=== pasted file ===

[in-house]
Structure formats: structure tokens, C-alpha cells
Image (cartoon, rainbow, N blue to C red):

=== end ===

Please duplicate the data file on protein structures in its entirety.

[in-house]
Structure formats: structure tokens, C-alpha cells
Image (cartoon, rainbow, N blue to C red):